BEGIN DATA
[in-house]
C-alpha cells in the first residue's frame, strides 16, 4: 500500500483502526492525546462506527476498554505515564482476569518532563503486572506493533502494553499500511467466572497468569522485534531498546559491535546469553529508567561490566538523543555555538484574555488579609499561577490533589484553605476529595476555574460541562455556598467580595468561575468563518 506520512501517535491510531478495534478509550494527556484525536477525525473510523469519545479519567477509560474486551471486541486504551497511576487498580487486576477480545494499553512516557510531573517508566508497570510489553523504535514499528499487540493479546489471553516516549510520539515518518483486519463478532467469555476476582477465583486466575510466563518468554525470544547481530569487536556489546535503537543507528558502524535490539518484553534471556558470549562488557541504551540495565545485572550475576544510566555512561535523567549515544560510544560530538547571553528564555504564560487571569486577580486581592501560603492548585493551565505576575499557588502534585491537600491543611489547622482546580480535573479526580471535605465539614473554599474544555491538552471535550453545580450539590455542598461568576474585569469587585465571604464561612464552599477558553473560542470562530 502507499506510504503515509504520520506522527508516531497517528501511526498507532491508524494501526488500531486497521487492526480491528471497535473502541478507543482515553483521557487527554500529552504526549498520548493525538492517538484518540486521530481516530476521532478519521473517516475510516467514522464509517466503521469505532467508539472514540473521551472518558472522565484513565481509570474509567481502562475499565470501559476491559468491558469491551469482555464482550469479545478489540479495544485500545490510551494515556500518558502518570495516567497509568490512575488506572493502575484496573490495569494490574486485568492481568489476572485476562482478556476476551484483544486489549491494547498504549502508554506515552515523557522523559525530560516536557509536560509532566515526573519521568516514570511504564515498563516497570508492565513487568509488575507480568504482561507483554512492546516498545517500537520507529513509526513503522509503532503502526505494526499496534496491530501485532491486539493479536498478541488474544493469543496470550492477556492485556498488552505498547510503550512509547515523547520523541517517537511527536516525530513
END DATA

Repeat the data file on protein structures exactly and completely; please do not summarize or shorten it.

[in-house]
C-alpha cells in the first residue's frame, strides 16, 4: 500500500483502526492525546462506527476498554505515564482476569518532563503486572506493533502494553499500511467466572497468569522485534531498546559491535546469553529508567561490566538523543555555538484574555488579609499561577490533589484553605476529595476555574460541562455556598467580595468561575468563518 506520512501517535491510531478495534478509550494527556484525536477525525473510523469519545479519567477509560474486551471486541486504551497511576487498580487486576477480545494499553512516557510531573517508566508497570510489553523504535514499528499487540493479546489471553516516549510520539515518518483486519463478532467469555476476582477465583486466575510466563518468554525470544547481530569487536556489546535503537543507528558502524535490539518484553534471556558470549562488557541504551540495565545485572550475576544510566555512561535523567549515544560510544560530538547571553528564555504564560487571569486577580486581592501560603492548585493551565505576575499557588502534585491537600491543611489547622482546580480535573479526580471535605465539614473554599474544555491538552471535550453545580450539590455542598461568576474585569469587585465571604464561612464552599477558553473560542470562530 502507499506510504503515509504520520506522527508516531497517528501511526498507532491508524494501526488500531486497521487492526480491528471497535473502541478507543482515553483521557487527554500529552504526549498520548493525538492517538484518540486521530481516530476521532478519521473517516475510516467514522464509517466503521469505532467508539472514540473521551472518558472522565484513565481509570474509567481502562475499565470501559476491559468491558469491551469482555464482550469479545478489540479495544485500545490510551494515556500518558502518570495516567497509568490512575488506572493502575484496573490495569494490574486485568492481568489476572485476562482478556476476551484483544486489549491494547498504549502508554506515552515523557522523559525530560516536557509536560509532566515526573519521568516514570511504564515498563516497570508492565513487568509488575507480568504482561507483554512492546516498545517500537520507529513509526513503522509503532503502526505494526499496534496491530501485532491486539493479536498478541488474544493469543496470550492477556492485556498488552505498547510503550512509547515523547520523541517517537511527536516525530513